The No to Military Trials group organised a screening in Tahrir Cinema (in Tahrir Square) on Tuesday 26 July of different accounts of family members who have undergone military trials.
The first video was of the human rights lawyer, Adel Ramadan, explaining the difference between military and civil trials.
“In military trials one does not have the right to appeal in [the court of] cassation,” Ramadan said and added that the lawyers appointed in these cases are from the military.
In military trials no eyewitnesses or forensic evidence is used to prove a case and the trials usually go very quickly, without applying the proper legislation.
The accounts of family members showed how unjust these trials are, as some got a sentence of up to fifteen years.
Many in Egypt are still not aware of that military trials exist. One man among the audience explained: “Many in different governorates do not know that these trials exist because of the media blackout on the issue.”
He asked the organisers to hold such screenings in different areas in Egypt to raise awareness about this issue.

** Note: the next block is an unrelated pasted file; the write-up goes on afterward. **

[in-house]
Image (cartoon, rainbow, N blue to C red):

Mona Seif, one of the organisers, replied precisely that is in their plans and that the last two accounts were from people from Rashid, a northern city in Egypt, who heard about the group and contacted them to speak out about their own cases.
The lawyer Ragia Omaran, who is a member of the No to Military Trials group and a volunteer in the Front to Defend Egypt’s Protesters, talked about the hardships that lawyers face just to attend the military trials.
Organisers mentioned that according to a report by Human Rights Watch, there are currently more than 10 thousand civilians held in military prisons, however, the numbers cannot be estimated, even by the lawyers.
“Even us as lawyers, did not know, at first, that these cases existed after Mubarak resigned,” said Omran.
On 25 February a number of protesters were taken into military prisons, including Amr El-Beheiry, who received a five-year-sentence. Similarly, on 9 March a large number of protesters were detained by state forces in a violent crackdown.
“At first we thought that the cases were related to protestors and activists only, but it turned out to be much wider than that,” Omran said.
Despite how grim the situation is with this vast amount of numbers, Mona Seif concluded that pressuring the government works, citing Mohamed Adel’s case as an example, who was held since 28 January and had been sentenced, but through pressure and insistence, was proven innocent and released a week ago.